Flight cabin cleaner remanded in custody for taking baton and protest gear to Hong Kong airport

Chris Lau

A Hong Kong flight cabin cleaner was remanded in custody on Wednesday after he admitted taking a baton and protest gear to work at the airport.

West Kowloon Magistrates’ Court heard that Wong Siu-hong, 20, took an extendable baton, some first-aid items, a respirator, a pair of safety goggles and a trekking pole with him to work on September 21 as he planned to join an anti-government protest later that day.

But guards at Hong Kong International Airport detected the items when Wong went through security on his way to the restricted zone. Police were alerted immediately.

Wong, an employee of China Aviation Services, pleaded guilty on Wednesday to one count of possessing offensive weapons.

The cleaner was caught with the offensive weapons at the airport’s security gate. Photo: K.Y. Cheng

Principal Magistrate Peter Law Tak-chuen sought a variety of reports to study sentencing options, ranging from probation or community orders to time at training or rehabilitation centres.

He adjourned sentencing to February 7, remanding Wong in jail custody until then.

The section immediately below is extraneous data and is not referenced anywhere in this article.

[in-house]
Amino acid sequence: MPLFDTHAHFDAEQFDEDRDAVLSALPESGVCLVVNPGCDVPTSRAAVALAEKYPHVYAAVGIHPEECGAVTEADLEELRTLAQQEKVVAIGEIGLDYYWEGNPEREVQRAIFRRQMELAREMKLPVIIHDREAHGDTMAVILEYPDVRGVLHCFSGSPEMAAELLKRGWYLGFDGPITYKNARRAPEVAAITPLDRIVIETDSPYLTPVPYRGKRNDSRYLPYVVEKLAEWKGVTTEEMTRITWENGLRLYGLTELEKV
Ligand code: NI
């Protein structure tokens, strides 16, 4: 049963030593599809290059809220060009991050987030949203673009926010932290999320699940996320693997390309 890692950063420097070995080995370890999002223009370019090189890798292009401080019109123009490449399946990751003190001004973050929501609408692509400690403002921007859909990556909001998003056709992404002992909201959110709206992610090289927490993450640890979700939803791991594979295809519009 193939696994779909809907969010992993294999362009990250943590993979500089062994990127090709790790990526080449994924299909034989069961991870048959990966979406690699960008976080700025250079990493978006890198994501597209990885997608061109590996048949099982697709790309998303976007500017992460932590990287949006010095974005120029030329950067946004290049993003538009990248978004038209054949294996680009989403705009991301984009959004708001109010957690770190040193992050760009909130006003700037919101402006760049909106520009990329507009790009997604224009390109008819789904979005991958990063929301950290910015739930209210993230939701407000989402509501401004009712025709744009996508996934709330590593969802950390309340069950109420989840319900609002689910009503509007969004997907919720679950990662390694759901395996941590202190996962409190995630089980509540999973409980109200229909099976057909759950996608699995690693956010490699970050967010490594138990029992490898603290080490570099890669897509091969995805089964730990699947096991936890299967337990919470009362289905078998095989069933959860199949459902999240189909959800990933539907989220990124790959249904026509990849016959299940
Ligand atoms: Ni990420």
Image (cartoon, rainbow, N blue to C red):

The court heard the cleaner arrived at the security checkpoint for airport staff at 6.35am on September 21.

When he sent his bag and a rucksack through an X-ray machine, the items inside alerted two security personnel, who then opened his bag to find the baton.

The store that supplies protective gear to Hong Kong’s demonstrators

Police later found the remaining items during another search, and arrested Wong.

He told police officers that he owned the items. He intended to take part in a protest in Tuen Mun after work that day, so he wanted to place the items in his personal locker while at work, he said.

Hong Kong has since June last year been gripped by anti-government protests, sparked by anger at a piece of extradition legislation. Though the bill was withdrawn in September, the protests have morphed into a wider movement demanding greater democracy and more police accountability.

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Wong told police he found the baton on a street, but he had forgotten when and where. He said he bought the trekking pole for HK$100 (US$13).

He said he had taken the items along for self-defence because he feared he might be attacked by people aggrieved by the protests.

Extendable batons were at the centre of another controversy at the airport last month, when security personnel intercepted an off-duty police officer with one at a checkpoint. Police top brass said the officer had been warned over the incident.

This article Flight cabin cleaner remanded in custody for taking baton and protest gear to Hong Kong airport first appeared on South China Morning Post

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